Hacker faces US justice after extradition appeal fails
· Cyber-terrorism charges could lead to life in prison
· Judges express distaste for American handling of case
Wednesday April 4, 2007
The British computer hacker who spectacularly cracked the Pentagon system and embarrassed the American defence establishment now faces extradition to the United States, where a prosecutor has said he would like to see him "fry".
The judges said in their ruling that they were unhappy with the US handling of the case: "We make no secret of the fact that we view with a degree of distaste the way in which the American authorities are alleged to have approached the plea bargain negotiations."
McKinnon has admitted in many public statements to unauthorised access of computer systems in the United States including those mentioned in the United States indictment. He claims his motivation, drawn from a statement made before the Washington Press Club on May 9, 2001 by a group of high level ex-military and civilian sources known as "The Disclosure Project", was to find evidence of UFOs, antigravity technology, and the government suppression of "Free Energy", all of which he claims to have proven through his actions.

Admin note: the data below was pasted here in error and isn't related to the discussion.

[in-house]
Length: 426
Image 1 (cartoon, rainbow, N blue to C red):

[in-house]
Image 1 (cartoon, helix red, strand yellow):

In his interview with the BBC he also claimed that "The Disclosure Project" says there is "extra-terrestrial and origin and [they've] captured spacecraft and reverse engineered it." He also claimed to have downloaded a low-resolution image of "something not man-made" and "cigar shaped" floating above the northern hemisphere. He said that unfortunately he did not manage to get a screenshot or recording of the image because he was "bedazzled" to see the image, could not remember the capture function in the software RemotelyAnywhere, and that he was "cut off" from his connection.